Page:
&nbsp;&nbsp;&nbsp;&nbsp;&nbsp;&nbsp;&nbsp;&nbsp;&nbsp;&nbsp;return Connection;<br>
    &nbsp;&nbsp;&nbsp;&nbsp;&nbsp;catch(Exception exp)<br>
    &nbsp;&nbsp;&nbsp;&nbsp;&nbsp;&nbsp;&nbsp;&nbsp;&nbsp;&nbsp;throw exp;<br>

    In the example above, the code catches and exception just to rethrow it which adds a lot of overhead for something which does not do anything. In the above example, you should not have the try…catch block as it does not add anything else. If you want to understand all the steps involved (and why this is an expensive operation) refer to the Appendix.

    Best Practices for “Consuming” Exceptions.

    A well-designed set of error handling code blocks can make a program more robust and less prone to crashing because the application handles such errors. The following list contains suggestions on best practices for handling exceptions:

  • Know when to set up a try/catch block. For example, you can programmatically check for a condition that is likely to occur without using exception handling. In other situations, using exception handling to catch an error condition is appropriate.
  • Use try/finally blocks around code that can potentially generate an exception and centralize your catch statements in one location. In this way, the try statement generates the exception, the finally statement closes or deallocates resources, and the catch statement handles the exception from a central location.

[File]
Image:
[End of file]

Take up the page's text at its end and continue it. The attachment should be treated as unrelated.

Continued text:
• Always order exceptions in catch blocks from the most specific to the least specific. This technique handles the specific exception before it is passed to a more general catch block.

  • I would highly recommend using the Exception Application Block that is provided by Microsoft. The Exception Application Block provides a simple and extensible framework for logging exception information to the Event Log. You can also create your own components, to log exception details to other data sources or to notify operators, without affecting your application code.

    This can easily be used as a building block in your own application. If you use it, you will reduce the amount of custom error handling code you need to create, test, and maintain. You will also make your application more robust and easier to debug. Specifically, the Exception Management Application Block will help you:

  • Manage exceptions in an efficient and consistent way
  • Isolate exception management code from business logic code